Have you ever heard teachers talk about how they have loads and loads of free time during the school day with which to carefully address social issues such as self esteem, kindness, and bullying? Yeah, me neither! This is the dilemma that I have personally encountered many times in the classroom. As teachers, we of course want to ensure that our students master the academics, but we also want them to be well-rounded, productive members of the world at large, too. Especially now, as schools and districts move toward new systems of teacher evaluation, teachers want to cover everything, but feel immense pressure to cover that which is directly tested. Social learning is a gray area much of the time, though no one would disagree that students who feel safe, secure, and valued in their school environment can more easily focus on academic learning. Enter integrated lesson plans!

I am thrilled to be offering some fully-developed (and free!) lesson plans written by yours truly over at Michelle’s new site Teaching Kindness that align with both the new Common Core Standards as well as the CT state framework while reinforcing important themes such as kindness, acceptance, and empathy. My goal was to develop lessons that provide a time and space for the discussion of social issues while still fully addressing the appropriate standards. The first is a third grade lesson plan about helping those in need in your own community that addresses two Common Core literacy standards and one CT social studies standard. The second is a Common Core literacy lesson for 6th-8th grade that helps students practice using a respectful and supportive tone when writing for an audience of their own peers– something with which I’m sure we can all agree middle school and junior high students could use practice! Want to use one in your own classroom? Simply print it out! Make copies and share them with your colleagues! Make sure to tell us if you use them, and we’d love to feature you over at Teaching Kindness!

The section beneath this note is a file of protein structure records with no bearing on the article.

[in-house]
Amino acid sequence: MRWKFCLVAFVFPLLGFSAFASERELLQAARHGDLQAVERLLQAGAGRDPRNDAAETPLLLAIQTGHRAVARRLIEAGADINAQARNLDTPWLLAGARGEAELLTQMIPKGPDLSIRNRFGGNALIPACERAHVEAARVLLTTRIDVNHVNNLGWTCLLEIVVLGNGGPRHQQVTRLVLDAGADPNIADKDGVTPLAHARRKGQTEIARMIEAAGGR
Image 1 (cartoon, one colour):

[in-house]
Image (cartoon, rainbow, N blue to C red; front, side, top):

I’ve always felt strongly that educators need to provide scaffolding and guidance to their students when it comes to to the social world. So much research supports the fact that students who feel comfortable in their school and community are more readily able to master academic tasks, and it’s our job to help create schools that give students the tools for social, as well as academic, success. I’m thrilled to collaborate with Michelle on this new endeavor to help this important cause.

Stay tuned, more lesson plans will be coming in the near future!

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